Pulling our bedroom curtains closed on Monday, March 23, we did so wondering what sort of world would await outside our windows come morning.
The UK death toll from coronavirus stood at 335. Three people had died in Northern Ireland.
We had all watched as lockdown had officially started.
That was 100 days ago. Our children had just spent their first day at home after the closure of schools.
We knew it was coming. Many had already tried to stock up on, of all things, toilet roll, and we had spent weeks trying to find that elusive bottle of hand sanitiser, but we still weren't quite ready for the way life would change.
As the curtains opened the next morning we found we had been stripped of the freedom to do what we wanted to do, when we wanted to do it like never before. Shops and offices joined schools in closing down to all but essential workers.
We said farewell to work colleagues, socially distanced ourselves from family and friends and started to embrace a new style of community. Shoehorned into a different way of living, some relied on the kindness of strangers. Some became the stranger who was kind.
Those of us with children became teachers overnight, but we also turned to our children to teach us a thing or two. We had crash courses on Zoom meetings for work; Facetime to stay in touch with relatives who might otherwise have been in total isolation; TikTok to entertain each other with amusing videos.
The older generation had to embrace the technology our younger family members had grown up with. Hands up if you logged in to a Zoom meeting hiding those pyjama bottoms under the kitchen table?
We had a pre-Zoom panic. What is in the background? Does my hair look OK? And after several weeks, there was a lot more hair for many to manage. Some laughed at Stephen Nolan taking a razor to self-style. The more sensible have waited.
Strange as it may seem, being apart from other people actually brought us closer together.
For the older among us, we instantly felt a need to hug our parents as soon as we were told we couldn't.
It would be a shame not to remember that.
In a way we all became heroes of a sort. "Stay at home, save lives" was the cry. We stayed at home while others manned the front line.
Together we showed our support.
The waves of applause rippling around as each Thursday at 8pm saw our streets and estates became a cathedral of worship for the NHS, fighting the battle in our hospitals. First it was the applause, then the beeping horns of passing cars, then the saucepans came out banging. It was one of the few public displays of togetherness we were allowed.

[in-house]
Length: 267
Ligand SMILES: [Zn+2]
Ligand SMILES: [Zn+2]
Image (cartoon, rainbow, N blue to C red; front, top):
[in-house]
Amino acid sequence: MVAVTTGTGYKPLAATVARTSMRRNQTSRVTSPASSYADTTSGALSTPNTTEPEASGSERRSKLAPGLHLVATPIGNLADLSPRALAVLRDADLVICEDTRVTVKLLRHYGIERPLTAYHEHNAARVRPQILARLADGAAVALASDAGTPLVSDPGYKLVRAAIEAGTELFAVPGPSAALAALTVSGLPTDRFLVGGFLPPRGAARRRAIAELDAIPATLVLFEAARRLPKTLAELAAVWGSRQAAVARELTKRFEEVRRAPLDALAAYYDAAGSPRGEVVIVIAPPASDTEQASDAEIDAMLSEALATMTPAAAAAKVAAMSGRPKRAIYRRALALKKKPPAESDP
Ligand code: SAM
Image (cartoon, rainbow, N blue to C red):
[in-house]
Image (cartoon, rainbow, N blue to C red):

The rest of us stayed at home and watched television, binged on Netflix and news updates, marvelled at the dysfunctional USA and their Tiger King and things we never knew we needed to know.
It kept us entertained, as did the new online culture of comedy and music. It made new stars and reminded us of others.
We sung alongside Snow Patrol frontman Gary Lightbody as he came to our living rooms every week, watched pub singers perform from their garage. We laughed alongside Paddy Raff and his comical look at the lives we were living.
And didn't we just love getting a glimpse at the homes of the famous as they appeared remotely on our televisions?
They might have said something informative, but playing the game of who has got the best bookcase was much more fun. Some embraced the time we had on our hands to get ourselves fitter, inspired by a new culture of morning workouts led by fitness guru Joe Wicks.
Others will quake as they reach for the old work trousers not worn for three months.
All that home baking we have been doing could lead us back to the clothes shops for a slightly larger size - and they definitely need the business.
Never before has so much banana bread been baked. In many kitchens, it might never be baked again.
For three months the only shopping we could do was for "essentials". That turned a trip to the supermarket into the highlight of the week, though few things were as disconcerting as trying to follow arrows on the floor as they guided you around a new one-way system. Woe betide anyone who did not obey. Some burned in shame as they glumly waddled against the tide to go back for something they had forgotten.
We got used to a good queue or two, though we did try to learn how to pass someone on a narrow pavement without being the one who ended up walking in the road and eyed with suspicion someone we knew was working from home who had somehow developed a touch of sunburn from somewhere.
In years to come there will be plenty of stories told starting with the words: "Do you remember the time..?"
And when we were out for our daily walk, we actually heard the birds sing.